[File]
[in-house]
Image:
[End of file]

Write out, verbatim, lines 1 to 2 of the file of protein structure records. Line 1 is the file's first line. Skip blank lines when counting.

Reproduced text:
[in-house]
Image: